Huntingdon journal. (Huntingdon, Pa.) 1843-1859, November 01, 1854, Image 1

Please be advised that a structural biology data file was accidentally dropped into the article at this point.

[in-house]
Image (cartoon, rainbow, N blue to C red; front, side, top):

.; 10. -/ AV • .• • • 1 /). 4 \ - A . , )111°. • `1"?;,. J /„.'• 11 I,t 1 / , /1"' , _ • BY WM. BREWSTER, TERMS : The I .lloxTtrtanorl Jotinx.u." is published at the following rates: If paid- in advance $1,50 If paid within six months alter tlt time of sobseribint, If paid at the and of the year 2,00 And two flollarg and fifti• cents if not .pnid till fifter the expiration of the 'car. No subscription will be taken fur a less period than six months, and nopaper will lie tliicontinned, oxcept at the option of the Editor, until all arrearat'ces are paid. Subscribers living in distant counties,or in stir States, will be required to pay invariably in tcr The above terms will be rigidly adhered to 111 ull ADVERTISEMENTS Will be charged at the following raw,: I insertion. 2 do. 8 to. Six linos or less $ $ 37k $ 50 One square, (16 lines,) 50 75 100 Two " (32 " ) 100 150 200 Three " (48 ) 150 225 300 Business men advertising by the Quarter, half Year or Year, will be charged the following rotes: 3 mu . ; 6 ino. 12 mo. One square, $3 00 $5 00 $6 00 Twe equarce 5 00 8 00 12 00 Three squares, 750 10 00 15 00 Four squares, 9 00 • 14 00 23 00 Fire squares, 15 00 25 00 38 00 Ten squares, 25 00 4U 00 60 Ou Business Cards not exceeding six lines, one year, $4.00. JOB WORK: sheet handbills, 30 copies or less, if gf fg IC CC 11 CC CC I. If BLANIIP, foolscap or loss, per single quire, I 50 CI 64 . 4or more quires, per " 1 00 er Extra charges will be mode for heavy eir All letters nn business must be rout rein to secure attention., gnictt Voctril. Beyond the River. Time is a river deep and wide; And while along its banks we stray, We see our loved one's o'er its tide ; Sail from our sight away, away. Where are they spad, they who return No more to glad our longing eyes? They passed from life's contracted bourne, ' To land unseen, unknown, that lie( Beyond the river. 'Tie hid from view; but we may guess Slow beautiful that realm must be; For gleamings of its loveliness, In visions granted, oft we ceo. The very clouds that o'er it throw Their veil, unrais'd for mortal sight, With gold and purple tintinga glow, Reflected from the glorious light Beyoud the river. And gentle airs, so sweet, so calm, Steal sometimes front that viewless sphere ; The mourner feels their breath of balm, And soothed sorrow dries the tear. And sometimes a lisening ear may gain - Entrancing sound that hither floats, The oche of a distant strain Of harps' and voices' blended notes, Beyond the river. Thereat.: our lov'd owes in their rest ; They've cross'd Time's river; now no more They heed the bubbles on its breast, Nor feel the storms that sweep its shore. But there pure love can live, can last ; They look fur us their home to share; When we in turn away have pass'd, What joyful greetings wait us there, Beyond the river. o t tliscatings. Mrs. Partington in St. Louis, We met here on the Levee. We recogni red her immediately, by her large bonnet and blue umbrella, her iron spectacles and beam. ing smile. We rained our hand and took oft' our hat, for we felt that we were in queenly presence. 'Dear Mrs. Partington, said we, 'how do you do?' 'Why' Mister Editor,' cried she, while real delight flashed across her face, 'yew don't tell me—and so yew knew me, did ye 7 Yew'ro are jest the very man I wanted to see, for I've got a letter of intercession to you, from Mister Sillbear, who is one of the headsmen in the Boston Post 011ie°, and he has gone and writ .a dewdecimal volum all about me and my Ike. He's a very affluent writer, and adorns his pro ductions with carparisons nod troops, and cym .bals and syllyogistus, and all sorts of mathe matical floras, nod besides he composes so .many fugitive pieces,beeause,ye know, fugitives is very much liked in Boston, and'— "Dear madam,' said we, getting impatient, 'please to show us the letter.' 'Oh yes,' said she, 'here it is—it is a beauti ful sample of a placatory correspondence,' We read the letter, whirls was genial ann. impressive, commending to our care the good old lady. _ _ 'Mrs. Partington,' said we, 'we shall be hap py to show you any attention iu our power while you are in St. Louis.' 'Well now,' said she, 'l'm much obleeged to you ; I thank you very kindly, for when I come to a strange and unsophisticated place I Al ways like to have some ono to shampoon all over. Wo expressed ourselves delighted to chopor• on herali over, and having taken her band. box, we offered our arm with the deference which we would show to a duchess. \Yo told her so. 'I urn not a dutchess,' said ; 'all my kin folks and lily posterity for many generations back has boon real Yankees; never liked the Dutch since the oven that they made for me burnt all my cookies on the top.' We asked her if she would_ go to the Plan ters' House : .res,' said she 'it it's a good taTera. lam . I SEE NO STAR ABOVE THE HORIZON, PROMISING LIGHT TO GUIDE US, BUT TIIE INTELLIGENT, PATRIOTIC, UNITED WHIG PARTY OP TILE UNITED STATES.". not ranch of an epicalce, but still I ani partial to good vittles. I make splendid doughnuts, and pies; and other perfections, myself.' We got into a back. We conversed about the weather and crops. 'Yes, said she, thoughtfully and with a mournful accent, 'the crops—of Ike's chickens will be very small—there will be nothing to till them, the corn has gilled.' • We acknowledged' the last named article. We drew up at the Planters.' A fine build ing,' said she: 'but my taste in horticulture fa vo' the Gothical, rather than the Ironical style. Upsides, they ought to have a portfolio or some liziarro of some sort to keep off the the combusticle beams of the sun. It is a fra grant violation of belles lettrcs to be without one.' We acknowledged the justness of her remarks, but hoped she would nut be hypocritical. 'Mu hypercritical I and with that she took snuff and looked daggers at usi but in a mo ment the cloud passed oft her face, and the glorious light of glad kindness beamed forth again. 'You didn't menu that, Mr. Editor, I know you didn't. It was a hasty and engirded expression of your local pride.' She wished to pay the driver a sixpence, tho Boston omnibus fee, but we magnanimously told her we would foot the bill. As she drew out her purse, knit by her own needles, wo saw that it. was well filled with silver. Wo asked if she was not afraid to carry such a weight of specie? She might be rubbed. $1 25 1 50 am, really,' replied Mrs. Partington, 'and I should like to put it in some real nice sha ving bunk, if you've got any in this town. We thought there were a good many, but we did not mention the fact aloud. We merely told her there was a savings bank under one corner of the hotel, where it would be safe, and the interest would be compounded quarterly. 'Yes,' said she, thoughtfully, they do con found thingS at some bunks.' Wo went in, Mrs. Partington and I, to the parlor. She spoke of the lust election 'Oh,' said she, hear you had an orful time. Such riotous living 1 But then I believe in elections--our minister used to tell us we must believe iu it, and he was a good wan, I hope —and preached true geology.' We mentioned the next Congressman, must see him,' she cried, 'tor I am told he will give mo one of those great bureaux at Wash. iugton, and it will be sire to keep the linen in which my dear gran' motber spun with her own hands. And do tell me Mr. Editor, is Corporal Benton really such a pedagogue ?' We assured her that we were on hand at polities, but asked her if she intended to see the lions of st: Louis. 'Oh, sartain, if you've got any here, and I should admire to see a grizzled bear and a hypothenuse too, if they are in the show.' We mentioned the public works and im provements. 'Yes, I should like to see the Bellfounting Seminary. with its butiful irsophagusses and hecatombs. It always makes me feel sad and aromatic to go to a graveyard, for I think of my poor old mother and father that's decreas ed and gime. And a true and womanly tear stood in one corner of the good old lady's eye, which she wiped away with her blue and sputted cotton handkerchief. 'Besides, pursued Mrs. P., must look at your acudemised roads, and your Costume Rouse and the Medicine College. I hear that the Congress people have appropriated some money for the first bolding. lam very sorry to hear that they appropriated some of Uncle Ned's money to their own use." We came away, and left the kind lady to take a little of what she called "Retired Na• fore's sweet destroyer palmy sleep." The old lady contemplates making a stay o f several weaks in our city, during which time she will visit the various objects of interest in our vicinity. We have proffered our services to show her the sights, and she has kindly ac• cepted them. We shall take full notes of the good old dames's impressions and observations of St. Louis, and lay them before our readers from titne.to time. As we took our leave of her, she graciously shook us by the hand, and ea• claimed, Au RESERUOIR.-St. Louis Republic. 4 'A ROLLING STONE GATHERS NO MOSS."— "Well, what of that? Who wants to be a mossy old stone, away in some damp corner of a pas• tore, where sunshine and freshair never comes for the cows to rub themselves against, for snails and bugs to crawl over, and for toads to squat under among the poisonous weeds ? It is far better to be a smooth and polished stone, rolling along in the brawling stream of life, wearing off the rough corners, bringing out the firm crystallite structure of the granite, or the delicate veins of the agate or chalcedony. It is this perpetual chafing, and rubbing in the whirling current that shows what sort of a grit a Inns is made of, and what he is good for.— The sandstone and soapstone are ground down to mud-4ut the firm rock is selected for the towering fortress, and the diamond is cut and polished for the monarch's crown. Family Jars. Jars of jelly, jars of join, Jars of potted beef and ham, Jars of early gooseberries nice, Jan of mince meats, jars of spice, Jars of orange marmalade, Jars of pickles, all homemade, Jars of cordial alder wine, Jars of honey superfine; Would the only jars were these, Which occur in families! We should choose to bear the hatred of evil men rather than deserve their just accusations after serving their base ends. After the sitting of fully has made melt wise they find it hard to concievo that others con be as foolish as they have been. HUNTINGDON, PA., WEDNESDAY, NOVEMBER 1, 1854. Front the Independent Journal. The Dead and their Dust. The dust that flies in the air; the leaves that fade and fall; the grass that withers; the trees that decay and-return, are the dust of the dead. The dust of the scholar; the dust of the poet, whose genius was rare and noble; the dust of the historian who gathered the record of the past; the dust of the divine whose voice moved the hearts of thousands ; the dust of the states man, who counseled and guided the nation; tho dust of the jurist, the expounder of the laws; the dust of the patriot, who lived to bless others; the dust of the hero, who died for liberty ; the dust of the merchant, wino en riched the nation'; the dust of the prOphets and apostles, who revealed the mysteries of heaven ; the dust of the oppressor, who thrived on the tears and groans of others ; the dust of the slave, whose life was sorrow and trial ; the dust of the insolent icing and haughty queen; the dust of the knave who lived by fraud •, the dust of the philanthropist who sought out the objects ofeharity; the dust of the beggar, whose adversity drove him to alms; the dust of the hypocrite, whose pretention and creed were his religion ; the dust of the inebriate, whose stag. gerings made him a jest and a criminal ; the dust of the honest poor, whose integrity shone in darkness; the dust of the selfish, who lived for himself and cheated others; the dust of the pugnacious devoid of peace, and disturbed that of others; the dust of the defamer, who was impure in his character, and envious of tho up wright ; the dust of the gossip, who gathered and lived ou scandal ; the dust of the murderer, who laid in wait to shed innocent blood; the dust of the their, who watched his moment to grab the purse; tine dust of the liar, who kept no faith; the dust of the dandy, whose nega tives and positives danced hint on to the stage, and danced hint off; the dust of the physician, who cured and saved others, then died himself; the dust of the just and of the unjust: of the noble and ignoble; of the rich and poor; of the white and black; the dust of all, all that flies in the air, and lives again in the green fields. The babies of the living arc from the dust; remain a brief time, .d then return to their native earth, lifeless, icy cold, inert matter.— Still, they are a part of the material substance of the universe, and subjected in common with another bodies to the laws of nature. Changes are wrought, and new forms are given, new modes of existence, in union with other matter; perhaps vegetable, perhaps animal, or us it may be of both. This law of dominion, even the dust of the dead, in not something new, something that never had been before; it is but the continu ance of the laws of affinity and cohesion, by which, at first the shapeless, lifeless earth was brought into elegant form, fine proportions and great beauty; and by which, coarse - food was digested to renew the waste of bones, of mus cles, of tissues, of nerves and of blood; and of txertions, throwing off hourly useless and dead particles buck to earth, preventing scorpion of bulk, preserving vigorous health. That we live under this dominion of natural cause and afflict, is obvious enough, frobt the fact, that atmospherical influences readily et= facts us, increasing their power, in proportion to the sudden violence of the change. Nut even a very slight change of temperature from heat to chill, can occur, that does not immedi ately depress the nerves and circulation. None experience the difference sooner than the al dieted with disease ;,a gentle breeze passing over them, may revive from languor, or it may strike like the cold damps of death. Without asking for the philosophy why, it is a common rcutark of the people, and equally so in all place; that the pulmonary will die when the leaves fall, or whcu the spring returns; they mark how accurately the change of the body changes pith the great chain of nature, Full and Spring. About once in seven years, the human body throws off its entire weight, and every particle of its substance ; there is still the same person, but not the same identity. If the body live many years, it will several limes renew its bulk from the earth, and as often give it back. Thirty years is the estimate of time that death depopulates the globe, and returns "dust to dust and ashes to ashes." This is done three times and a third in one hundred years; thirty-three times and a •third in one thousand years; sixty-six times and two-thirds in two thousand years ; and one hundred times in three thousand years. Though daily man is returning to earth, this estimate is the final upon him of the decree, "dust thou art and unto dust shalt thou return." We sometimes speak disdainfully of earth, and say some things we hate, they are Ire mean as dirt; whet; in fact the earth is our mother, the nourishment and strength of bodies ; the source of what pleases and enriches us. The stately peony, the soft and fragrant Lilly, the pink with the variegated tints, and the blush. ing rose, are earth; our fruits and grains and the dainty luxuries, and tarts and sweetmeats on the tables are earth ; the beautiful form, the tine hues of complexion, the glossy and flow ing dark auburn; glittering diamonds, costly jewels, the white satins, the certilcau silks; the pomade, the cologne, rouge, and transparent soaps are all earth, black earth, in various trans positions. There is not much in our natures on com mon origin, to inflate our pride. Much very much to chasten and subdue it. And there, the brevity of this sojourn, and even the date of it is unknow n. We can laugh because mortal. ity is dressed up in life, because the enchant ment in our spirit dreams of no sail changes, because life is a glee and troliek is an amuse ment, because there is a whisper that comes like a spell, tomorrow shall be as today;" but yuu may without gloom, be serious, without ' covetousness be industrious, without parsimo• ny accumulate, without haughty ambition be emittent, without degradation he humble, and rather ,bo glad than mourn, that "the mortal shall put an immortality." Not That, is a very short word. It has a very shortmenning sometimes. If often blasts fond anticipations; it may change the whole tenor of a life. In matrimonial matters it would be better that it should be oftener said than it is, for many of that sex sometimes say No when they menu Yl3B, and should use the shorter word when they do not, One Sunday evening, not many nights ago, the Rev. Mr. Thomson performed a marriage ceremony at the Tabernacle—both parties said Yes at the proper time, and the, reverend gen tleman said Amen. want you to perform the same thing for me said a wcll.dressed youngish man, to Mr. Thompson. "Mimi ?" "Now—right off—to night.'! "Can't you put it off a little? It will make it rather late." "No—the lady says now or never, and I am rather anxious. Will you go?" "Yes where is it 7" "Close by; only a few steps west of the Park. We are all ready and will not (Main you but a few minutes on your way home." Mr. T. went to the place, which was a re spectable boardinghouse, and everything evin ced decorum. The lady—young and pretty, neatly dressed, and altogether a desirable part ner for the gentleman—was presented, and, a short prayer, as usual upon such occasions, of fered, and then hands joined. "You, with a full sense of the obligations you assume, do promise here in the presence of God, and these witnesses, that you will take this woman, whose right hand you clasp iu yours, to he your lawful, wedded wife, and as such you will and cherish her forever." —.‘l do." "And you," miss, on your part, will you take this man to be your lawful, weddod husband ?" "NO !" We have heard in times past, when showers were fashionable, some pretty heavy claps of thunder but none that ever rattled about the tympanum of that bridegroom was quite so loud as that stunning little monosylable, "No, 1 never will I" said sho, most emphati: eally, and walked away proudly to her seat, leaving her almost-husband looking and pro bably feeling just the least tab in the world foolish. Mr. Thompson remonstrated---not to induce her to change that No for Yes, but for trilling with him, is a solemn duty of his calling, and asked fur an 'explanation, .1 meant no disrespect to you, air; or to trifle with your duty, or the solemn obligation you were called upon to ratify; but I had no other way to vindicate my character. I came to the city a poor sewing. 1 worked for• this man. Ile made proposals of marriage to me, but from other circumstances I doubted his sincerity, And loft his employment and went back to the country for a while. When I re turned, I found the door of my former board. ing-house closed against me ; and this lady, whom I esteemed as a kind friend, cold and quite indisposed to renew my acquaintance, and I insisted upon knowing the reason. I learned that this man had blickened my char. acter denied his proposals of marriage, and said I was, no matter what. I said let me come back and I will prove my innocence.-- Will you believe what I say, if he will now marry me.,' "Yes; I certainly will, and so will all who know you." • "I renewed the acquaintance—he renewed his proposals-•--I neepted and said, 'Yes, get the minister at once.' He slandered 'me•--1 deceived him. I proved my words true, and his false. It was the only way a poor, help. less girl had to ..;7enge herself upon a Moll who had proved himself unworthy to be her husband. It was only, et the right time, to say one word•---ono little word. I have said it. I hope it will be a lesson to men, an example to other girls, and that in many other and dif ferent circumstances they will learn to say No." "If I was angry for a single moment," said Mr. Thompson, "I curried none of it over the threshold. It was a lesson, but well applied. I went home pondering upon the value of that word---.No."—N. 1; Tribune. Hard of Hoaxing. "I have a sinall bill against you, said a per tinacious looking collector, as lib entered the store of one who had acquired the character of a hard customer. " Yes, sir, a very fine day indeed," was the reply. "I am not speaking of the weather, but your bill," replied Peter in a loud key. "It would be better if we hat a little rain." "Confound the rain," continued the collec tor, and raising his voice.—" Have you any money to pay on the bill?" "Beg your pardon, I'm hard of hearing. I have made it a rule not to loan any funds to strangers, and I really do not recognize your thee. "I'm collector for the Philadelphia Daily Ex tinguieher, sir, and I have a bill against you," persisted the collector at the top of his voice, producing the bill and thrusting it into the face of his debtor. " I've determined to endorse Cot no one ; you may put the note back in your pocket•book.— I really can't endorse it." "Confound your endorsement—will you pay it!" " You'll pay it no doubt, air, but there is always a risk about such matters, you, know, so I taunt decline it." "The money must be mine today." "0 yes—ninety days, but I would not en dorso for a week; so clenr out of my store.— It's seldom that I'm pressed for nu endorse ment, even by my friends; on the pert of n stranger, sir, your conduct is inexplicable.— Do not force me to put you out; leave the premises." And the bill was returned to the Extinguish er office endorsed—"se confounded-deaf that lie couldn't understand."--2e. 0. Picalivne. Bathing Children in Cold Water. But if pal Tents will use cold water on their own persons, let me entreat them to have met , cy on their helpless children. Do heed their cries and entreaties to warm it just a little.— Nothing Is more heathenish and barbarous than to bathe children in cold, or nearly cold water. I believe it injurious to wash our hands and faces in cold winter water. Those who do it will find that they have rough and cracked skins. The suffering of children while being washed is but small compared with the evil effects that often follow the application of cold water to the head, viz congestion of the head or lungs, es pecially the latter. True, cold water, so appli ed, will make precocious children, and it will also fill the graveyard with the opening buds of infancy. I think it will, be found that more children die with head diseases since the use of water has been in vogue than before, and for the reason already given. The fact is .the brain requires and receive s snore blood than any other organ of the system. The application of cold water to the head in. creases the amount; and hence it is no uncom mon thing that children, especially "smart ones,"die as above stated, with head disease.— Indeed it has become a proverb among our !outliers at least, "that oath children are too smart to live," and it is so. By such treat ment the brain becomes too active and large for the body, and; like a powerful engine in a small boat, soon shatters it to pieces and sends it to the buttons. I cannot close my remarks without entreating mothers in the name of hu manity not to attempt to toughen, as it is called, their children by half-clothing them iu cold weather. My heart has ached as I have seen theta thus exposed to the piercing winds of a northern winter. Many a mother has thus sown the seeds of permature death in her off spring, for which she solaced herself by calling it a "mysterious Providence." If you will have healthy, robust children, see that they arc warmly clad, especially their extremities. In connection with cold bathing, I would utter my disclaimer against the pre vailing practice of rubbing the skin with coarse rough towels or horse-brushes. No cr.. ror in the water treatment is more injurious.- - A healthy skin is smooth, and velvet-like; and anything that irritates it and makes it rough, is injurious. But few of the people under Stand the font. tion of the skin, or the importance of a healthy skin to a healthy body. My limits will not allow of my discussing the matter here. At some future time I may take it up. I approve of gentle rubbing the skin with'soft Cloths; or, better, with the bare hand. But it should not be rubbed any way to produce unpleasant sensations. It we credit the reports of patients who hare taken treatment at our water•cure establish ment?, the heroic or cold treatment is too much in vogue itt them for their good.— Water Cure Journal. An Old Maid's Register, At 15 years is anxious for coming out and obtaining the attention of men. 16, seems to have some idea of the tender passions. 17, talks of love in a cottage and disinterested af fection. 18, fancies herself in love with some handsome man who has flattered her. 19, is a little more diffident in consequence of being noticed. 20, commences fashionable and has a taste for dashing. 21, acquires more confi dence in her own attractions and expects a brilliant establishment. 22, refuses a good of fer because the gentleman is not a man of fashion. 23, no objection to flirt with any well behaved gentlemen. 24, begins to wonder she is not married. 25, becomes rather more circum spect in her conduct. 26, begining to think a large fortune not quite so indispensible. 27, effects to prefer the company of rational men. 28 wishes to be married in a quiet way with a comfortable income. 29, almost despairs of entertaining the married state. 30, an addi tional attention to dress is now manifested. 31, professes to dislike balls, finding it difficult to get good partners, 32, wonders how men neg lect the society ofsedate and amiable women to flirt with chits.- 33, affects good humor in her conversation with men. 34, too jealous of the praises of other women, and more at this period than hitherto. 35, quarrels with a friend who has lately been married. 36, luta g Ines herself slighted in society. 37; likes talk ing of her acquaintances who have married un fortunately, and finds consolation in their mis fortunes.. 38, ill-nature visibly on the increase. 39, becomes meddling and officious. 40, if rich, makes love to a young man of fortune.•--- 41, not succeeding rails against the whole sex. 42, partiality for cards and scandal. 43, too severe on the manner of the age. 44, exhib its, a strong predilection for a methodist par son. 45, enraged at his desrtion and accuse the whole sex of inconsistency. 46, becomes desponding and takes snuff. 47, atones her insensibility to cats and dogs. 48, adopts a dependent relation to attend her menagerie.- 49, becomes disgusted with the world and vents her ill humor on her unfortunate keeper of the animals. A Lesson for the Girls. My pretty little dears—you are so more fit for matrimony than a pullet is to look after a fitntily of fourteen chickens. The truth is, my dear girls, you•waut, generally speaking, more liberty and less fashionable restraint, more kitchen and less parlor, more leg exercise and less sofa, more making puddings and less pi ano, morn frankness and less mock•modesty, more breakfast and less bustle. I like the buxom, bright-eyed, rosy-checked, full-brested bouncinglass, who can darn stockings, make her own frocks, mend trowsers command a re giment of pots and kettles, milk the cows, feed the pigs, chop the wood, and shoot a wild duck as well as the Duchess of Marlborodith or the Queen of Spain and be a lady withal in the drawing room.—.Vrs. Ellis Lectures. P - [WEBSTER, Borrowing Toole. If is an old saying "he that goes borrowing goes sorrowing f' and a still older one, "the borrower is a servant to the lender." But so fur as applies to farm tools, yankee ingenuity, seems to have reversed these sayings, fur one of the greatest annoyances of some neighbor. hoods is the necessity of lending tools.-- "Won't you lend me your cart to-day 7" "I want to borrow your crowbar." "Can't you let us have your drag 7" "Are you going to use your old mare today 7" "Father wants to get your oxen." "I want half a dozen of your new bags," &c., are usually followed by long searches for lust bags, half day spent in get ting carts and harrows repaired, &c. "Why father, Mr. Dumplin said he would pay for that cart, it you would get it mended." "Ile would indeed would he,— this would cost him about one-fourth of my loss of time in going to him for it, and taking it to and returning from the blacksmith shop, to way nothing of three days delay in getting my work done!" But father you know that's a great deal better than Mr. Sugarplum did when lie borrowed your culti- vator, for when he broke it, he .3wore at you behind your back,l'or lending him such a 'rut• ten machine,' and wouldn't never pay a cent. "John wher's the crowbar: , "I don't know, sir, I hunted for it a good deal for two or three days." "Have you looked in the burn 7"— "Yes, I hunted all through the barn, and the corn house." "Have you asked Jim ?" "Jim, hasn't you seen the crow-bur nowhere"— "Why, yes, I saw it at Squire Noodle's; he borrowed it one day when you was gone away to pry up a bar-post, and it has been stickite there ever since." Every farmer should bare a full set of im plements and tools, and have a place for everything, and everything in its place. If he has not the means, let him sell off a corner of his farm to procure thens.---Alb. Ca/ardor. , A Sly Youth. . - "Everything is arranged fur your wedding with Susan Tomhins," said a father to his on ly son: hope you will behave yourself like a man, Thomas." The individual addrassed was a young man seated in a chair: despatching a piece of bread and molasses. His only answer was a sigh accompanied with a flood of tears. The parent started, and in no angry voice de manded "W hat objections can you hare? Susan is handsome and wealthy, and married ynu must be some time or other. Your mother and I were married, and it is my command that you prepare yourself for your nuptials." "Yes," finally sobbed 'Thomas, "that's a dif ferent thing—you married 'nether, but Pm sent to marry a strange gal 1" WITY Irishman on trial pleaded not guilty, and the prosecuting, attorney proceeded to call Mr. Furkison as a witness. Widh, the utmost innocence, Patrick turned his thee to the Court and said," Do I understand your honor that Parkinson is to be witnessed fornist me again?" The judge saaid it seemed so, "Well thin yer honor, I plade guilty, not because I nm guilty, for I am as in nocent as your honor's sucking-babes at the brest but fist on account of saving Eister Fur bison's sowl." EXTIWSIASTIC, VIA:Y.—An enthusiastic ad mirer of the fair sex, gives vent to the followin g eloquent strain : "A woman will cling to the chosen object of her heart like a possum to a gum tree, and you can't separate her without snapping strings that no art can mend; and leave a portion of her soul upon the upper leather of her affections. She will sometimes see something to love, where others can see nothing to admire and when her fondness is once fastened on a fellow, it sticks like glue and molasses in a bushy head of hair." Kxow Nomixos.—The following illustrates pretty well how most people are obliged to nn• swer questions about the know nothings: "Hawn, what do you tink der know noth• ing?" "Isch not know," "Vel a vot dosh you tink I" "I tink nutting." "By, tam, dot is sheet rot I tinks." EPITIIALAMIUNI.—The Boston Post is respon- sible for the following; On the marriage of Thomas Hawk, of Mansfield, to Miss Sarah J. Dove. By our Jim : It isn't often that you see So queer a kind of love Oh, what a savage ho must be. To nowly Hawk a Dove! ,GIOE OF THE GALL: The Toledo Republican says that a German woman went Into Scott's hardware store, a few mornings since, bought a cooking stove, and placing it on her hoed, delib erately marched off with it. If she's-not mar ried, there's a woman for you, boys. scir Why is a lady walking in front of a gentleman like the latest news? Because she is in advance of the male. GrA person who undertakes to raise himself by scandalizing others, might as well sit down on a wheelbarrow and undertake to wheel him self if A sawyer, atter sawing with a very dull aw, ex:elairued, "Of all the saws I ever saw saw, never saw a saw saw as that saw s. 5." A VETERN SIIIPM.;;;; - t. On the last trip of the Atlantic, Capt. West completed his two hundred and thirty.fifth voyage. fir Scandal, like a kite, to Ay well, depends greatly on tie length of the tail it lint to carry tqf'You have no business to have any business with other people's business. Those who possess the most teal excellence say thu least abust it. *4 - Hundreds of initerate beggars now in fest Weabington city. , , , VOL. 19. NO. 44. Oe farmer. He that by the plough would thrive, Himself must either hold or drive. How much Pork will a Bushel of Corn Make. • Under this bead B. J. Harvey makes some sensible observations in the Michigan Faimer which, although better calculated for Michigan than Pennsylvania, may be read with profit by some of our farmers. Ile says: Perhaps there is no class of people in the world, who work so much without system, and labor so much at random—none that know Ao little, about their expenses slid their incomes— none that make t.se of arithmetic so little, 113 those who till the soil for a subsistence. There is certainly a want of a due exercise of the or gan of calculation among this class. Tho farmer plows, sows and cultivates his crops— harvests, threshes and makes sale of them, or feeds them to his stock,----but how rarely does be keep an accurate account of the entire cost of production, so as to know whether he gains or loses by the operation. I have been led to make this communication from seeing the question asked, at the head of this article--"how much pork will a bushel acorn make"—in one instance the an swer is' 15 pounds. This result was obtained, as in some similar ones, from first weighing partly grown hogs, and then feeding for a time, r and then again weighing: when the only true way to ascertain the actual cost of making a pound of pork, would be to take into account the entire amount of food consumed from the . time the animal commences to eat, up to the time of slaughtering. I have not instituted any perfectly accurate experiments, but suffi. dent to induce tee to believe that reckoning as above, an ordinary hog will consume ou an - average five pounds per day or about thirty bushels iu one year. Now it is an extra good hog that will weigh 365 pounds at that age ;. but this estimate gives only about eleven pounds of pork, to the bushel of corn consumed. The average price of corn for this State, may be es timated at 50 cents per bushel, which makes the cost of production $4,11 per hundred. But the actual average of hogs at one year old does bet exceed 250 ponds per head, or less than eight pounds to the bushel of corn ; or at an ac tual cost of six dollars per hundred to the pro ducer, when fed wholly on corn. Now it will be seen that if the above estimate is anything like an approximation to the, truth, pork cannot be profitably raised in Michigan from corn alone. And 1 have no doubt that if this question was put to every farmer in the State, it would be answered by nine tenths of them on the negative. Yet the most of our pork is made almost wholly from core. Why is it persevered in from year to year? Will not the answer be fouud in the first paragraph of this communication. I do nut meats to say that pork cannot be profitably grown at all. No doubt with the right kind of food and management, it may be make at a cost of three or four dollars per hen. dred. Boiled potatoes and pumpkins, mixed with a pottion of corn meal, will make hogs thrive faster than corn alone—chaugiug the kind of food often is advantageous. Bogs will do well in summer in good clover pasture, with little else. Try it, you who are in the habit of keeping your hogs in the highway. Apples are good. In conclusion I will say farmers, if you hare nothing but corn and the highway, to tnaka pork of, take your corn on the highway to mar. ket, and buy your pork.—Farm Journal. Plaster on Wheat in the Winter. Front frequent conversations with recapsl farmers, we are all convinced that plaster on wheat at the time of sowing, or put in with the seed, deserves more attention than it has hith erto received. Those who have used it aver that the increase of the crop is not only suffi cient to repay the expenses and labor, but has in addition been found to return a good per cent of profit. The plaster has the effect of bringing forward the titnuthy or clover seed sown with wheat, thus insuring a better after crop of grass fur fall feed. Plaster, by some means, we shall not under take to say what, acts to absorb nod retain much of the moisture of the atmosphere, or brings it up from "its hidden depths" in the soil, enabling young planets to obtain a larger growth through its genial influence, especially if tho earth 130 more than usually dry. The effect of this will be to produco a better growth of wheat in the fall, and thus enable it more successfully to stand the winter, and withstand the ruinous effects of the early spring frosts.— So, also, it may promote an earlier spring growth, and thus render the crop more remu nerating. We think plaster will pay the farm or nearly as well alihat it costs, as will guano at the present exhabitant price, or even "Im proved Superphosphate of Lime," with all its boasted virtues. How to get rid of Rats. Prof. Bascom, of Oberlin, in a letter to the Ohiu Farmer, says: 4111 "Would it not be well to call the attention of your readers to the ease and certainty with which they may be relieved from the annoy ance of the large brown rat. This impudent intruder often visits my labratory and other premises. A s they come singly, I take off, each, the night after I discover signs of his presence, in this wise I take half a tea spoonful of dry flouror Mien meal on a plate or piece of board, and, sprinkle over it the fraction of a grain of strychnine. This is set is a convenient placemnd I invariably find the culprit near the spot dean in the morning. The peculiar advantage of this poison is, it produces muscular spasms, whioh prevent the animal from reaching his hole to die and decompose. It is needless to add that such a vlolent . poison should be used with care.